In 1913, Densmore published Teton Sioux Music, a dauntingly large volume containing an analysis of Teton Sioux music and a look into their culture and customs. Unlike many of her other bulletins, articles, and books, this publication includes two personal narratives of tribe members. The stories of Red Fox and Eagle Shield tell of daily life within their communities and formative experiences for these individuals as they grew up. By publishing these stories, Densmore preserves the voices of the individuals she interacted with and gives her audiences a glance into these people’s lives. But these narratives pose more questions about Densmore and her methods than they answer. Why did Densmore include so few of these narratives in her writings? Why did she choose to publish these particular stories? Perhaps it is because both stories are related to songs that Densmore recorded and analyzed. Or, should we hold on to hope that these songs and their stories were included because of a particularly strong bond between Densmore and these two Native men? While we know Densmore must have had some sort of connection to those whom she interacted with as she studied Indigenous music, her publications do not give us a strong sense of these relationships and bonds. Instead, these books offer significant evidence of Densmore’s academic and intellectual strengths. This focus on the analysis and collection is likely a reflection of two of Densmore’s values in research and study. First, a racialized desire to capture as much knowledge about these ‘dying’ community’s music, culture, and customs; and second, a response to the misogyny she likely experienced as a women researcher and academic to publish and analyze as much as humanly possible.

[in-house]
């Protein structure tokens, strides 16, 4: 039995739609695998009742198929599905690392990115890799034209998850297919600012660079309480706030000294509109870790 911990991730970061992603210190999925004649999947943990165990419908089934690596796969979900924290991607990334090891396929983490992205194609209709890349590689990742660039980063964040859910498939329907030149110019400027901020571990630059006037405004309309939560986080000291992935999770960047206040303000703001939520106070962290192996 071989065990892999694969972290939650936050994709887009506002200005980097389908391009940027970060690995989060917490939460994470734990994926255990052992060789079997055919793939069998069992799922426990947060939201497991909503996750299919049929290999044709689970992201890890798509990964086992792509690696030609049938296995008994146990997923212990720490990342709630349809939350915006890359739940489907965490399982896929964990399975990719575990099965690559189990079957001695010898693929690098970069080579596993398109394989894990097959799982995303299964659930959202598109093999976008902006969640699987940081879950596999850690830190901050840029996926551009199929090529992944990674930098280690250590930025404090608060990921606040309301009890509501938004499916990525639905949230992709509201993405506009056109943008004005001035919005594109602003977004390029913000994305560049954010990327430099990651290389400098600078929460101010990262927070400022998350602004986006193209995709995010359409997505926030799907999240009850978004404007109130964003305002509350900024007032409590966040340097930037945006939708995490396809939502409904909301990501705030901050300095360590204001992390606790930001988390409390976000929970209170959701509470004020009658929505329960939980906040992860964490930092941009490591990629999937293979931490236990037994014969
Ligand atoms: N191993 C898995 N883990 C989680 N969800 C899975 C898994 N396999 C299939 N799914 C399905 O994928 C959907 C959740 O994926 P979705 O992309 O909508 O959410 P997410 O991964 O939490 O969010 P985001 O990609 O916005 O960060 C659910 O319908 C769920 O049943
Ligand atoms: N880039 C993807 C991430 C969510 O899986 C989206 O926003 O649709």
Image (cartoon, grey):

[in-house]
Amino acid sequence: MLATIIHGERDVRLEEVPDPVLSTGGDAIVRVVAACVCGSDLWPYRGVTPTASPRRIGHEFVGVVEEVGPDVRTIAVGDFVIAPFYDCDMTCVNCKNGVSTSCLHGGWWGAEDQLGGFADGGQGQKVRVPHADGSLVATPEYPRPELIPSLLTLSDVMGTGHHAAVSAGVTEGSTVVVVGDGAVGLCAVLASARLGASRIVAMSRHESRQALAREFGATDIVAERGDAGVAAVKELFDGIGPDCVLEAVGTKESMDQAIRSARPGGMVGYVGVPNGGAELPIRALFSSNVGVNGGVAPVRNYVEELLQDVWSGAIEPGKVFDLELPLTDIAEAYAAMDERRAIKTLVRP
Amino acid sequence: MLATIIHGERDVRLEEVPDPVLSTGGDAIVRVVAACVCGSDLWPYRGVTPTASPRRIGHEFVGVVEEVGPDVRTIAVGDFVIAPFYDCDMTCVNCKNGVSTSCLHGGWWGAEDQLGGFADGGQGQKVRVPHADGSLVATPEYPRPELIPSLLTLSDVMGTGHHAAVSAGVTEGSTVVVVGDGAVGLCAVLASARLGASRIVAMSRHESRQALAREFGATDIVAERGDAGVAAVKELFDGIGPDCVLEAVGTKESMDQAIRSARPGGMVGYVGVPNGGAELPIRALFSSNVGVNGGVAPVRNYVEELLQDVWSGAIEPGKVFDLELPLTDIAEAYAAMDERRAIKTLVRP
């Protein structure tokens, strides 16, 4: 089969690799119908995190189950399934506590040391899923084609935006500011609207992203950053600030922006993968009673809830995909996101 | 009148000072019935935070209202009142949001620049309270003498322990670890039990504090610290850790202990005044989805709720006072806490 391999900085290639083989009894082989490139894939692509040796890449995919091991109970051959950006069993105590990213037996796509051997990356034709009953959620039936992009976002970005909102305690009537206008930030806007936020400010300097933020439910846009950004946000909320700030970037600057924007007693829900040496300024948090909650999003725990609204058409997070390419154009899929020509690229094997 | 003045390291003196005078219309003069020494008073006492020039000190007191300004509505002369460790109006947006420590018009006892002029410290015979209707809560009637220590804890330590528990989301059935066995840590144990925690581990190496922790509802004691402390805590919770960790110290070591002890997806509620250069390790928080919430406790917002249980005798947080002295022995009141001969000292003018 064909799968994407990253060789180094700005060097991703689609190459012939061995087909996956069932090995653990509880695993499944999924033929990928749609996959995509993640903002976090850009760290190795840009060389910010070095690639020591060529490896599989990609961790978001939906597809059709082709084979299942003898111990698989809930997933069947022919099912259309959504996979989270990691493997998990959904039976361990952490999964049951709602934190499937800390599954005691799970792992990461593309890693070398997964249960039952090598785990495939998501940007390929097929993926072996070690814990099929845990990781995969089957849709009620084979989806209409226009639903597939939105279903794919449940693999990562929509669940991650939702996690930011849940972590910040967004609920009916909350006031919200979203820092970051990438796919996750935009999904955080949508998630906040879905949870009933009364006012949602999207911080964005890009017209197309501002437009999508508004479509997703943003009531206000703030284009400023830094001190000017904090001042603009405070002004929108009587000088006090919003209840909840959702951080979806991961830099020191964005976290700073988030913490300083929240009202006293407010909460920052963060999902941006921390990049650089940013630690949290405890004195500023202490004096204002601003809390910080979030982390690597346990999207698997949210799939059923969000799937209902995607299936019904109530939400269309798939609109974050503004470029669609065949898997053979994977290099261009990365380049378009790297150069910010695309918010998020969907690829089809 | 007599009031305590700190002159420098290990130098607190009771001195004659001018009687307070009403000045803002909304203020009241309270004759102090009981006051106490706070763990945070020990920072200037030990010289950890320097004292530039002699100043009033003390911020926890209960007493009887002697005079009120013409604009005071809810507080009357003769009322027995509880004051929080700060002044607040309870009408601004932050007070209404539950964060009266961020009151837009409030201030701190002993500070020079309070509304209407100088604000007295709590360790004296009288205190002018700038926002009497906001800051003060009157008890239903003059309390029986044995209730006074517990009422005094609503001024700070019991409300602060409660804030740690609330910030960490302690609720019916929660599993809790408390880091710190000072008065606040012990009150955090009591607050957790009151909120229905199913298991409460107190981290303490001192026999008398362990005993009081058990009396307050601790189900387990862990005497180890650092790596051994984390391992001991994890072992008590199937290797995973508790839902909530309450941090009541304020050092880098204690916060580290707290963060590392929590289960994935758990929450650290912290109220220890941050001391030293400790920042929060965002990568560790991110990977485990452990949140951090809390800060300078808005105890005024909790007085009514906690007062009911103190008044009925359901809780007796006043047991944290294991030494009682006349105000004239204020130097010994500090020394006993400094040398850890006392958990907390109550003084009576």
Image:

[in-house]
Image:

Densmore’s racialized perspective towards her own study is no secret and is clearly reflected in her methods for ethnomusicological study. Just a few examples of this include her notation of Indigenous music using western standards, her desire to take images of native peoples unbeknownst to them, and her choice to use incredibly racist terminology when talking about Native Americans, such as ‘primitive’. In addition, her positionality within academia as a woman also likely impacted the way she chose to engage in study and share her findings. In Travels with Frances Densmore, Michelle Wick Patterson writes about how Densmore towed the lines of the gender norms of her time. By working in music and in the humanities, Densmore continued to engage in ‘women’s work’. This foundation allowed her to give lectures, speeches, and publish academic works which all pushed the bounds of what was acceptable for women to do at this time.
By examining Densmore’s motivations for research, we can begin to learn yet another lesson from the work of this challenging, ractist, and tenacious women. When anaylizing the work of any humanist researcher, it might be just as important to understand their own positionality with in their field along with the positionality of their subjects. For such understanding and knowledge can shed light on the researchers motivations for their own project, and for the reception of it.
Densmore, Frances. Teton Sioux Music. New York, Da Capo Press, 1972.
Patterson, Michelle Wick. “She Always Said, ‘I Heard an Indian Drum’”. Travels with Frances Densmore: Her Life, Work, and Legacy in Native American Studies. University of Nebraska Press, 2015, 29-64.
White, Bruce. “Familiar Faces: Densmore’s Minnesota Photographs”. Travels with Frances Densmore: Her Life, Work, and Legacy in Native American Studies. University of Nebraska Press, 2015, 316-350.